German pupils are also tracked after fourth grade into secondary schools that determine whether they will learn a trade or vocation or go on to university.

"It is too difficult at the end of fourth grade to determine who should go into which [secondary] school," said Hans Bruegelmann, an education professor at the University of Siegen.

The reasons for the decline are many, but the situation in Germany was exacerbated, educators say, because it took so long to realize the system was in trouble.

"In countries like Britain or the United States there is a tradition of monitoring education that allows them to see what works and what doesn't," said Cordula Artelt, an education expert with the Max Planck Institute in Germany.

"We haven't done that," she said. "We have almost no indication of how well the system is working."

Once in college -- government-funded and free of charge, like lower schools -- students take an average of seven years to earn a degree. Only 32% of them actually do so, well below the average of 48% for industrialized nations.

Germany has relatively few private schools and they are expensive.

Private universities are almost nonexistent.

Particularly disadvantaged are the children of immigrants, who speak little or no German -- a problem highlighted by the PISA test results, which showed that schools with the worst scores had the highest number of immigrant pupils.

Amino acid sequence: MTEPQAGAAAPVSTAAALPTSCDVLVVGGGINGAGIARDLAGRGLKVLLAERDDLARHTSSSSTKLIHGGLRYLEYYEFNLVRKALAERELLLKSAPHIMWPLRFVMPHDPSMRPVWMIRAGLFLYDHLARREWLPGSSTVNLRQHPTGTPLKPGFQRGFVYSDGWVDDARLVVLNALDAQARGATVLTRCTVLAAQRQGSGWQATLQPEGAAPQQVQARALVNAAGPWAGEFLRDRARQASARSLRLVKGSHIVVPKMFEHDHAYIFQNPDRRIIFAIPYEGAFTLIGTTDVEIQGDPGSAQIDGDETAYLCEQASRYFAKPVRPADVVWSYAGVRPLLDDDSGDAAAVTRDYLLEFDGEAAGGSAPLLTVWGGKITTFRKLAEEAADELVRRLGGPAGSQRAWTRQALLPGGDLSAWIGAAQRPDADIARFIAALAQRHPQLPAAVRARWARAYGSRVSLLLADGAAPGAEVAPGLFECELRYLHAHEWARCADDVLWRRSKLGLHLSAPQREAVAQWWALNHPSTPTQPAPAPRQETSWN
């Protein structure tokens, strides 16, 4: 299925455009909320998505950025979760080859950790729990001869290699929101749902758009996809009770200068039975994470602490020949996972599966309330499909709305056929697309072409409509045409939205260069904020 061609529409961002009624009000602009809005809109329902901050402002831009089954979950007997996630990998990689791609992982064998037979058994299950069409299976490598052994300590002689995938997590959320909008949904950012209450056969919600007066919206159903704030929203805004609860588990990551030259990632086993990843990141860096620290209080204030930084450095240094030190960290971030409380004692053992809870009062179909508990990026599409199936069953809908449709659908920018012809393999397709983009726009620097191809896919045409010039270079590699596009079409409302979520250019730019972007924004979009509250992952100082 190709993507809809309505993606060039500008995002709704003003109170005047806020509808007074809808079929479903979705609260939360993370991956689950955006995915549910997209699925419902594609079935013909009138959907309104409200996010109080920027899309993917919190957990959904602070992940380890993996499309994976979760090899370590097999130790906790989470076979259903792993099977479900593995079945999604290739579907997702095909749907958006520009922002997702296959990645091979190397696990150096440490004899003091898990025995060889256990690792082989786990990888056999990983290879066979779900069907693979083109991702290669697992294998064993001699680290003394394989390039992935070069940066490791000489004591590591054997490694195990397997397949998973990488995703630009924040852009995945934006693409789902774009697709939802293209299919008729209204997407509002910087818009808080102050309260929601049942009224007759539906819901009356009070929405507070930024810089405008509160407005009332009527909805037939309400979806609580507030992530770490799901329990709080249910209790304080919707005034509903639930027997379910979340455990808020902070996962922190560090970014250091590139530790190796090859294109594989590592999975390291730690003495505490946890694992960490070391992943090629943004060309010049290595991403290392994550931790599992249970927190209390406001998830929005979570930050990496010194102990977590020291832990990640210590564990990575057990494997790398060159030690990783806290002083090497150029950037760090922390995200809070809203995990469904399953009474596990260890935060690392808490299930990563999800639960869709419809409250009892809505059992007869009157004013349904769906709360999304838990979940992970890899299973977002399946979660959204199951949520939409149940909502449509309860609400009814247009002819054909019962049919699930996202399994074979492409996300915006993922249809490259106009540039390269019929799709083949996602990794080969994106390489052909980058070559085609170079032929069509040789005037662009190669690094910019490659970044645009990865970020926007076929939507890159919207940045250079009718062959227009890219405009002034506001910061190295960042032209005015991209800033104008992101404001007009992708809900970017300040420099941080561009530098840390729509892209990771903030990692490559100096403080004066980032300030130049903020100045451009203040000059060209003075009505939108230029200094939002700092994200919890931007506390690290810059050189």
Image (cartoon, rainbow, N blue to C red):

But given the chance, Jonas, the son of Moroccan immigrants, has taken it. An avid reader and frequent visitor to the Meisterschule's library, he uses the after-school program to read more and get a teacher's help with his homework.

"All-day programs really help kids like him get ahead," Schrader said.

Huguette Morin-Hauser's two boys attend Frankfurt's Lessing High School. They tell a wholly different story.

"Only about a third of all teachers can assert themselves," says Patrick, her 15-year-old. "So many kids skip school, but nobody cares. It creates a real 'so what?' atmosphere."

Morin-Hauser said her younger son, Pascal, didn't start school until he was 7. Grading, considered bad for self-esteem, begins only in 3rd grade. There is only one parent-teacher conference a year, and Pascal's lack of motivation and occasionally aggressive behavior in elementary school went undetected for years, she said.

Ultimately, the problems in Germany's education system translate into young people poorly prepared for the job market. Meanwhile, companies complain that they can't find qualified graduates.

Despite more than 11% unemployment, Germany has to attract highly trained immigrant workers to fill an estimated 100,000 high-tech jobs.

Education Minister Edelgard Bulmahn has visited U.S. universities to learn why they are so successful at attracting -- and keeping -- the world's brightest.

According to the Education Ministry, 14% of German doctoral grads leave for research posts at U.S. universities once they have their degrees.